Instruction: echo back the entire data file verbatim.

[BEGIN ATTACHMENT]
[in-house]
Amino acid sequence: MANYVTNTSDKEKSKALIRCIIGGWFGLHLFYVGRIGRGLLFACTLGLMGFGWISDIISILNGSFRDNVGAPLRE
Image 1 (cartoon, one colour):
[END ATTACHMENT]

[in-house]
Amino acid sequence: MANYVTNTSDKEKSKALIRCIIGGWFGLHLFYVGRIGRGLLFACTLGLMGFGWISDIISILNGSFRDNVGAPLRE
Image 1 (cartoon, one colour):